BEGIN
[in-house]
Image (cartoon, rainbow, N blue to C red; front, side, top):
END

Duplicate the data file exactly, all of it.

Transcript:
[in-house]
Image (cartoon, rainbow, N blue to C red; front, side, top):